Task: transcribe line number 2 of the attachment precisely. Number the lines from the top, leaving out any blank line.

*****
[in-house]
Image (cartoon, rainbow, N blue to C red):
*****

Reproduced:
Image (cartoon, rainbow, N blue to C red):